U.S. House of Representatives for Indiana’s 5th Congressional District candidates, Republican Victoria Spartz and Democrat Christina Hale, participated in a virtual town hall Tuesday night with about 240 viewers presented by Indiana Town Halls and WFYI productions.
The candidates discussed a variety of issues including health care, police reform, climate change, the federal response to the coronavirus pandemic and the partisan division in Congress.
Indiana’s 5th Congressional District’s general election is expected to be competitive because in recent years the 5th district has gone back and forth between electing Democratic and Republican candidates. The 5th Congressional Distrcit includes Fishers, Carmel and Marion, Indiana. Bloomington is in Indiana's 9th Congressional District.
Spartz said she supports public options for health care she wants the state to provide more transparency and flexibility. She said she wants people to have their choice of doctors and insurance companies and also be able to afford the health care they need.
Hale said she would fight to keep and improve the Affordable Care Act by making prescriptions more affordable and ensuring people can pay for their doctor visits.
“During this pandemic we must have a public option for those who have no health insurance,” Hale said.
Spartz said she strongly supports people’s Second Amendment rights and thinks it is important to properly train police officers, and without them, America would be unable to avoid anarchy and mobs. She said she thinks having a good criminal justice system is essential.
“I think we have to always remember that police are very important,” Spartz said.
Hale said while the police are meant to protect and serve Americans, she has supported certain police reforms such as requiring officers to wear body cameras. She said she would also support ending chokeholds and the no-knock entry policy for drug offenses.
Spartz said she believes it is important to support good policies for the environment and promote sustainable energy. However, she said she thinks the Green New Deal and similar legislation would hurt jobs and be too costly for Indiana residents.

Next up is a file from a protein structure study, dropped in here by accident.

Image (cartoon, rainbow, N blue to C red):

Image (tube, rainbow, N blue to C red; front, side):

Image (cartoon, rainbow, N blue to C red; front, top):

Hale said she thinks Indiana needs greater transparency when it comes to rebuilding sustainable energy. She said she wants Indiana to be at the forefront of clean energy by relying on renewable solar and wind energy rather than coal-fueled energy by 2050.
Governmental response to coronavirus pandemic
Spartz said she feels that President Donald Trump giving the states flexibility to address the pandemic was a good thing. Indiana Gov. Eric Holcomb was successful at addressing the pandemic and public safety while also working to keep a good economy, she said.
“Sometimes a crisis can actually be an opportunity to get better and innovate,” she said.
Hale said the federal government’s response to the pandemic was not appropriate, andshe wishes it had worked smarter and more strategically to combat COVID-19 early on.
“It’s time to step up our game,” Hale said.
During closing statements, Spartz said she believes the American dream is still alive because she herself came from nothing and achieved her goals through hard work. Spartz immigrated to the United States more than 20 years ago, became a business owner and is currently a member of the Indiana State Senate representing District 20. She said she wants to ensure that every Hoosier has equal opportunities to pursue happiness.
For Hale’s closing, she said she believes Congress needs problem solvers who are willing to reach across party lines and work together to pass legislation. Hale’s background includes working as an executive with Kiwanis International focusing on community and economic development, and was previously a member of the Indiana House of Representatives, representing District 87 from 2012 to 2016.